17. In addition to Blindness, a deficiency in Vitamin A leads to the degeneration of the epithelial cells. What is the remaining deficiency that Vitamin A can result in? Hint: Deals with teeth
    Enamel hypoplasia is the disorder that is caused by a deficiency on Vitamin A.
  18. True or False. A deficiency in Vitamin A causes the death of nerve fibers and blindness.
    True. Vitamin A deficiency can cause the death of nerve fibers.
  19. In regards to toxicity, Vitamin A can cause what kind of "developmental effects"?
    Teratogenic effects
  20. What vitamin is often sited for cranial swelling? Hint: it is a result of using anti-aging products on the skin
    Vitamin A
  21. Can Vitamin A simply be absorbed directly into the skin?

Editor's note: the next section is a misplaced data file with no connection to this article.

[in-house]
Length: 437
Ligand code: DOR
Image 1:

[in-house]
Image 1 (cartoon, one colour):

Yes, Vitamin A can simply be absorbed through the skin because it is a fat soluble vitamin.
  22. PTH, Calcitonin (CT), and Vitamin D are used to regulate the amount of calcium in the blood. Cite their roles in calcium metabolism. AKA Do they increase or decrease the blood calcium?
    PTH and Vitamin D work in concert to increase the amount of calcium in the blood. Calcitonin serves to decrease the amount of calcium in the blood.
  23. What are the three organ systems that are involved in the metabolism of calcium and phosphate?
    The small intestine, the kidney, and bone.
  24. Calcium has extreme biological importance in the body. In addition to its role in salivary gland ion transport and it plays a role in calcium and phosphate metabolism. Muscle contraction, nerve impulse transmission, membrane stability, blood clotting, and being an intracellular messenger summarize all of its important biological roles what remains to be addressed?
    Calcium also plays a role in the endocrine and exocrine secretory functions of cells. i.e. an increase in the intracellular calcium concentration results from its release from the RER. This is done via Ach binding to it's receptor and activating DAG and IP3 through Phospholipase C.